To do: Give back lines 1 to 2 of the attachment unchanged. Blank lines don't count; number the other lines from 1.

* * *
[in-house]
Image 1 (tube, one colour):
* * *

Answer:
[in-house]
Image 1 (tube, one colour):